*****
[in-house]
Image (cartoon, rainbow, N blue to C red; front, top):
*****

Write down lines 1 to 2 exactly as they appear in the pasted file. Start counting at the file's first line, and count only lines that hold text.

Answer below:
[in-house]
Image (cartoon, rainbow, N blue to C red; front, top):